Amid the coronavirus pandemic, some celebrities have stepped up and tried to do their part. A few efforts have, well, fallen short — think of the much-maligned video of a bunch of famous people lip-syncing “Imagine” to raise good vibes — while others have been more substantial. For instance, several A-listers are participating in the “All-In Challenge,” where celebrities auction off treasured experiences and possessions to raise money for organizations that combat food insecurity. So far, Leonardo DiCaprio has offered up a walk-on role in his new film with Martin Scorsese, Justin Bieber has volunteered to serenade a lucky donor with “One Less Lonely Girl,” and Ciara and Russell Wilson are auctioning off a double date. Over the weekend, Gwyneth Paltrow announced she’d be participating, too, by putting up one of her old Oscars dresses … one that she called just “okay” in a 2013 blog post.
CNN reports that Paltrow is auctioning off the Calvin Klein dress she wore to the Academy Awards in 2000 — the year after she won the Oscar for Shakespeare in Love — as part of the #AllInChallenge. Paltrow said in an Instagram video over the weekend that the dress “holds great sentimental value” and is “very end of the ’90s, which is back in style now so I thought it would be a good one to donate.”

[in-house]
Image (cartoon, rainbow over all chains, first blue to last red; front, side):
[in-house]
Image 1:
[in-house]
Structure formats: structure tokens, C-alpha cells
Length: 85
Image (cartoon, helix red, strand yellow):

But her most recent statement is somewhat at odds with a 2013 blog post on Goop.com, where she listed it as one of her two least favorite Oscars looks, calling it an “okay dress but not Oscars material. I chose it because I wanted to disappear that year.” Some Instagram commenters pointed this out. One wrote, “In her post she says the dress is sentimental. I think it’s interesting how she wants to donate a dress she’s not fond of.” Another chimed in, “Hilarious in an interview that dress she says is one of her least favorite Oscar choices.”
On the other hand, maybe Paltrow’s being really thoughtful. It’s a dress she didn’t particularly want to leave the house wearing, well-suited for a situation where many people are being urged not to leave their homes. Also, one could argue that the dress now holds unique cultural significance, having found itself at the center of yet another minor Goop-related scandal. Own a piece of internet history!